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A creation of UK-based CyCell, OwnFone is a mini, lightweight, and customizable low-cost mobile phone that focuses on providing direct access to a select set of key contacts. In addition to choosing the color and style of their device, users can design the handset around up to 12 names for quick dialing. Two, four, 8 or 12 name buttons can be preprogrammed and prelabeled on the OwnFone, which receives calls as well; the fewer the buttons chosen, the bigger they are. Meanwhile, phone numbers are not stored in the OwnFone, but rather are kept in a secure computer server instead. So, in the event the device gets lost or stolen, the user’s key contact numbers are protected. The credit card-sized OwnFone is rechargeable and will last in shutdown mode for up to a year without charge. Braille and photo buttons are coming soon, the OwnFone site says. Pricing is GBP 55, and three price plans are available, with no long-term contract required. The video below explains the premise in more detail:

In this era of ever more sophisticated smartphones, the need for a “simple phone” on the market has become increasingly evident. Enter the OwnFone, the latest entrant in this trend-defying category that adds a twist of personalization to the mix. A creation of UK-based CyCell, OwnFone is a mini, lightweight, and customizable low-cost mobile phone that focuses on providing direct access to a select set of key contacts. The handset can have up to 12 names for quick dialing. Phone numbers are not stored in the OwnFone, but rather are kept on a secure server (so if the device is lost or stolen, the numbers are protected). The credit card-sized OwnFone is rechargeable and will last in shutdown mode for up to a year without charge.
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10. Wireless Shoe Phone Charger: Kenya

Tiny chip inserted in the sole of a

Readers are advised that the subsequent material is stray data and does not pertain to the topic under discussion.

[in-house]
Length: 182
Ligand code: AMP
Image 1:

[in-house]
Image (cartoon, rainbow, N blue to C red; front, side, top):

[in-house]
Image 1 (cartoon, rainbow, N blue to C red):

shoe can charge the wearer’s cell

phone

A Kenyan entrepreneur has developed a tiny chip of thin crystals, insertable in the sole of any shoe, which can gather and store energy as the wearer walks.

The ubiquity of cell phones has inspired countless creative ways to keep them charged, whether it’s through a pedal-powered table, a charging handbag or a USB-equipped urban bicycle — to name just a few recent examples. The latest spotting? A tiny chip insertable in the sole of any shoe that gathers and stores energy as the wearer walks.

The brainchild of Kenyan entrepreneur Anthony Mutua, the new technology was on display earlier this month at the Science and Innovation Week taking place in Nairobi, according to a report in Kenya’s Daily Nation. The technology consists of an ultra-thin chip of crystals that generate electricity when subjected to pressure; placed in the sole of a shoe, it gathers energy when the wearer walks, runs and moves about. A phone can then be charged via a thin extension cable that runs from shoe to pocket, or energy can be stored in the crystals for charging purposes later. Mutua charges KES 3,800 to fit any shoe with one of his chips, and he offers a two-and-a-half-year guarantee.

Mass production of Mutua’s chips will reportedly begin soon thanks to funding from Kenya’s National Council of Science and Technology. Mobile and energy entrepreneurs the world over: One to get involved in?
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The brainchild of Kenyan entrepreneur Anthony Mutua, the shoe charger is a tiny chip inserted in the sole of any shoe that gathers and stores energy as the wearer walks. The technology consists of an ultra-thin chip of crystals that generate electricity when subjected to pressure; placed in the sole of a shoe, it gathers energy when the wearer walks, runs and moves about. A phone can then be charged via a thin extension cable that runs from shoe to pocket, or energy can be stored in the crystals for charging purposes later. Mutua charges about $43 to fit any shoe with one of his chips, and he offers a two-and-a-half-year guarantee. Mass production of Mutua’s chips will reportedly begin soon thanks to funding from Kenya’s National Council of Science and Technology.

Sourced & published by Henry Sapiecha